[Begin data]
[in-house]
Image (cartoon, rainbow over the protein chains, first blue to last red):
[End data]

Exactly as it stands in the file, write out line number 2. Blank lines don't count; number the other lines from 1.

Image (cartoon, rainbow over the protein chains, first blue to last red):